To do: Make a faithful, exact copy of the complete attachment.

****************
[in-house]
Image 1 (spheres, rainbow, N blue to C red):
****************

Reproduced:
[in-house]
Image 1 (spheres, rainbow, N blue to C red):